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Wake Island

Wake Island is an atoll (having a coastline of 19.3 kilometers) in the North Pacific Ocean, about two-thirds of the way from Hawaii to the Northern Mariana Islands. Due to its position relative to the IDL, it is one day ahead of the 50 states. Wake comprises three coral islands formed from an underwater volcano. Its central lagoon is the former crater and the island is part of the rim. As an unorganized, unincorporated territory of the United States, it is technically administered by the Office of Insular Affairs, U.S. Department of the Interior, but all current activities on the island are managed by the United States Air Force.



Wake Island
  • Geographic coordinates:
  • Area (land): 6.5 km²
  • Coastline: 19.3 km
  • Maritime claims
    • exclusive economic zone: 200 nm (370.4 km)
    • territorial sea: 12 nm (22.2 km)
  • Climate: tropical, with occasional typhoons
  • Elevation extremes:
    • lowest point: Pacific Ocean 0 m
    • highest point: unnamed location 6 m


Discovery and settlement

On October 20, 1568, the expedition of Álvaro de Mendaña de Neyra discovered "a low barren island, judged to be eight leagues in circumference," to which he gave the name of "San Francisco.” The British visited it in 1796 and named it after Captain William Wake. The U.S. Navy visited the island in 1841 and named the two smallers islands after naturalist Titian Peale, a civilian, and Lieutenant Charles Wilkes, the captain of the vessel, who later was involved in the Trent Affair. It was annexed by the United States on January 17, 1899. In 1935, Pan American Airways constructed a small village, nicknamed "PAAville," to service flights on its U.S.-China route. The village was the first human settlement on the island, and remained in operation up to the day of the first Japanese air raid.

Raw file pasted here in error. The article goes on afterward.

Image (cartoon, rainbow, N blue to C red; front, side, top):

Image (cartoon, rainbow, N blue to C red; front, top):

World War II

1941 — The Battle of Wake Island

In January 1941, the United States Navy constructed a military base on the atoll. On August 19, the first permanent military garrison, elements of the 1st Marine Defense Battalion, totaling 449 officers and men, were stationed on the island, commanded by Major James P.S. Devereux . Others on the island were 68 U.S. Naval personel and about 1,221 civilian workers. On December 8, 1941, 16 Japanese medium bombers flown from bases on the Marshall Islands attacked Wake Island, destroying eight of the twelve F4F Wildcat fighter aircraft belonging to Marine Corps fighter squadron VMF-211 . All of the Marine garrison's defensive emplacements were left intact by the raid, which primarily targeted the Naval aircraft. On the early morning of December 11, 1941 the garrison, with the support of the four remaining Wildcats, repulsed the first Japanese landing attempt (the only unsuccessful amphibious invasion attempt of World War II). A Japanese invansion fleet making up of the light cruisers Yubari, Tenryu, and Tatsuta with six escorting destroyers the Yayoi, Mutski, Kisaragi, Hayate, Oite, and Asanagi along with two destroyer transports, the P-32 and P-33, and two troop transport ships containing 450 Naval Infantry attempted a landing where the Marines fired at the invasion fleet with their six 5-inch coastal artillery guns, sinking the Hayate and damaging most of the other ships. The four Wildcats also succeeded in sinking another destroyer, the Kisaragi. Hayate was the first Japanese naval ship sunk during World War II.